A man who beat his pensioner mother to death before leaving her lifeless body to be found by his brother has been jailed for a minimum of 20 years.
Craig Haley left the 75-year-old with at least 55 injuries following the attack at her home in Hamilton, Lanarkshire on February 8 last year.
The 37-year-old punched, kicked, dragged, strangled and bludgeoned Mary Haley with an ashtray.
Neighbours heard Ms Haley plead with her son to “get off” her and telling him she “couldn’t breath” during the fatal attack.
He then fled to a nearby shop, where he was caught on camera buying alcohol and a packet of crisps, leaving her lifeless body to be found by another son the next day.
Haley was convicted of murder following a trial at the High Court in Glasgow on Wednesday.
Lord Sandison imposed a life sentence for what he called “ferocious and sustained violence” and Haley smirked as he was lead handcuffed to the cells.
The killer was said to have been aggressive and demanding cash from his mum in the weeks before the killing, including claims he assaulted her and smashed pictures at her home.
He was seen returning to her address on the afternoon of the murder.
Ms Haley’s neighbour recalled hearing the killer yelling at the OAP,
The witness also described an “evil laugh” and him “growling like a dog”.
She told jurors: “He was shouting that his dad was better off without her and she was an ‘old b***h’ and a ‘sl**’.
“I heard Mary say ‘what you on today, you must be on something’.
“He must have been on top of her as she said ‘can you get off me, I can’t breathe’.”
She then heard what she thought was furniture being dragged – but prosecutors believe it was Mary being pulled across the property.
The witness was so scared she left for her daughter’s home.
When she returned that night, Mary’s blinds were shut and a light on, which was described as unusual.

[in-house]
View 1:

It emerged Haley fled using a key to lock the door leaving his dying or already dead mum inside.
Mary’s other son Scott Glassford went to her home the next day.
The 40-year-old sobbed as he recalled shouting for the pensioner – then finding her lying in the living room.
Scott said: “I put my hand on her finger and it was cold.
“I touched her chest but it was also cold and there was blood on her face.”
The court heard Mary had 55 blunt force injuries to her head and body and fractures in her neck consistent with being strangled.
Mary had further suffered a brain injury as a result of the attack.
Haley was spotted that night at a cash machine and then at a petrol station near his home in Larkhall, Lanarkshire buying drink and crisps.
In his speech to jurors, prosecutor Graeme Jessop said: “Does that sound like someone who cares if his mother lives or dies after he attacked her?
“He did not dial 999 or seek assistance for her.”
Haley also asked a neighbour for a radio, which Mr Jessop suggested was needed to check local news about the death.
DNA also linked Haley to the crime including his prints on an ashtray thought to have been used as a weapon to strike his mum.
Haley had denied murder. He was said to have told a witness that he had been “defending himself”.
It emerged after the verdict the killer already had 24 convictions including for assault.
Sentencing, Lord Sandison said: “This was a vicious attack in your mother’s home.
“Your crime defies the comprehension of any decent person.
“She was a loving and loved mother. You entered the house and took the life of someone who had given you life.”
Police Scotland’s Major Investigation Team led the inquiry with assistance from local uniformed officers and Haley was arrested and charged the following day.
Detective Inspector Frank Travers, senior investigating officer, said: “This was an isolated and targeted attack which has been incredibly difficult for the victim’s family to come to terms with.
“Our officers acted swiftly to gather evidence and arrest Craig Haley, which ultimately led to his conviction today.
“Craig Haley will now have to live with consequences and realisation of what he has done.
“Hopefully this conviction will give Mary’s family closure on what has been an extremely difficult time.
“I would like to thank those who came forward with vital pieces of information that assisted with our inquiry.”
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